or when accelerating. Your seven disks would draw 14A for the first 10 seconds
after power is applied, and perhaps that would be OK for 12V3. You can check the
drive manufacturer web site, to get more info on max startup current.

(here is an article on how high end PCI express cards split their loading)
http://www.xbitlabs.com/articles/other/display/fsp-vga-power_6.html

The mystery will be, which rail are the PCI Express Aux cables and the
processor connected to ? Since the Coolmax manual shows the 2x4 connector
as having 4 "yellow" wires, the implication is they are all connected to
the same power rail ? Is it the same rail as the PCI Express Aux ? It could
be. (You could email Coolmax, but perhaps finding a USA representative
might reduce the language barrier.) Note that some quality supplies,
use yellow insulation for 12V, and add a twist of a second color, to
distinguish one 12V from the others. Since all the Coolmax wires are
yellow, color is not a strong enough distinction for wiring purposes.

If you used a top of the line ATI video card, they can draw 12V @ 10A.
4A is through the video slot, leaving 6A through the PCI Express 2x3 cable.
Two video cards would be 12A total on the PCI Express aux cable in that
case. More mundane video cards could be much less.

The Opteron 2218 is 95W watts:

http://www.amdcompare.com/us-en/opteron/details.aspx?opn=OSA2218GAA6CQ

95W/12V * (1/0.90) = 8.8A at 90% Vcore conversion efficiency.

[Info on heatsink size is here - don't know the significance of this:]
http://www.tyan.com/support/html/cpu_amd.html

If the PCI Express cables and the two processors were running from the
12V2, the max load would be 2*6A + 2*8.8A = 29.6A and is greater
than the 25A rating of 12V2. There are plenty of video cards that
will draw less than 6A, and using info from Xbitlabs articles, you
can get power estimates for a number of different video cards. With
one "uber" video card and two processor sockets filled, you are at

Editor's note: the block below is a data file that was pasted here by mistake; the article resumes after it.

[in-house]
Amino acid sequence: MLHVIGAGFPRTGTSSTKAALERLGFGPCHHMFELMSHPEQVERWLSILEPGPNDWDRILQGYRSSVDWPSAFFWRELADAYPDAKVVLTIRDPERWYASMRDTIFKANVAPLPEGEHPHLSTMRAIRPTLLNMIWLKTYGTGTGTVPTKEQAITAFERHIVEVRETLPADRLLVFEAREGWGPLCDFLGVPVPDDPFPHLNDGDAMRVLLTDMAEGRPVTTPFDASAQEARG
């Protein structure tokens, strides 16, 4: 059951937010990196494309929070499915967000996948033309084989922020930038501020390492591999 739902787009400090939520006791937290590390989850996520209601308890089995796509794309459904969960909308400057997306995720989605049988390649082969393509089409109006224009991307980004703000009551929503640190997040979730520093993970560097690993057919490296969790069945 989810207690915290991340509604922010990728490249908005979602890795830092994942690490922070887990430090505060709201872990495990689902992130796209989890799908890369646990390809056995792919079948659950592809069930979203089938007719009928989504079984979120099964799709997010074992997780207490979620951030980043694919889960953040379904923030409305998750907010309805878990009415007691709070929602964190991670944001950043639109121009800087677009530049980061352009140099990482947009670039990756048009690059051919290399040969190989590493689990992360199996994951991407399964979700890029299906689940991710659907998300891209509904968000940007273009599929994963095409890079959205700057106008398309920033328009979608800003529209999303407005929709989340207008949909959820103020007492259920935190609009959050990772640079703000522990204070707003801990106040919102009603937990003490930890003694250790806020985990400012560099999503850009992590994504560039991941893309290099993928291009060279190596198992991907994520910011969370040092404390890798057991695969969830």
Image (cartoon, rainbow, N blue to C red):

23.6A . If that is indeed coming from the 25A 12V2 output, then that
would be as far as I'd want to go.

One video card can drive two monitors. A select few video cards
have dual dual-link DVI on them (for two really high res monitors).
It might be possible to drive your dual monitor config with one well
endowed video card. Not a good gaming config of course.

High end systems can span several ranges of power supplies, and that
is why casual specification of your system makes a big difference to
the size of supply purchased.

If we had 7 disk drives, CD/DVD, two X1900 video cards, two 2218 processors,
the 12A total would be: 7*0.6A + 1.5 + 2*10A + 2*8.8A = 43.3A,
or 519.6W from 12V outputs, on a supply rated for 500W max combined
on all 12V rails. Of course, processors and video cards don't go to
max current at the same time, so this is not a realistic scenario.
Generally, the processor does a bit of waiting for the video cards,
so the video might max while the processor uses less than max. Or
the processors can max while the video is less than max.

Getting a PSU recommendation from Tyan, removes some of the uncertainty,
as they are supposed to test with whatever they've recommended. You might
start with Tyan, and see what they use.

Another source of info might be forums.2cpu.com . Their specialty is
motherboards with two sockets, and a number of their users have built
big systems. I believe the last time I visited, their forum search engine
was limited to members, so you might have to register to search their
site efficiently.

Finally, here is a supply with a single output driving all 12V loads. ($199)
If you buy this, there might be fewer questions to ask :)

http://www.overclock3d.net/reviews....c=pc_power___cooling_750w_silencer_s75eps_psu
http://www.pcpowercooling.com/products/viewproduct.php?show=S75EPS

Paul
 
J

Jeff

Thanks much. Out of every computer component, the power supply is what I know least about, but I do know a fair amount about
electricity, so I could follow your explanations pretty well. I might look a bit further on the powersupply before committing
myself. The other machines that I've worked on with the powersupply have been fairly non-demanding, so I haven't bought one before
that's been over 400 watts.

Jeff
 
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V

VanShania

OCZ GameXStream 700W SLi Power Supply $188.84 CDN